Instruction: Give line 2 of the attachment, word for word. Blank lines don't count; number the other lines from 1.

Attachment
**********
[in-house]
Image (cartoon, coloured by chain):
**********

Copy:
Image (cartoon, coloured by chain):